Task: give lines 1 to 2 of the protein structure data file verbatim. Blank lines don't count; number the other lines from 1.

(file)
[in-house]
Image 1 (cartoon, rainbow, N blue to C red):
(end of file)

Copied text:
[in-house]
Image 1 (cartoon, rainbow, N blue to C red):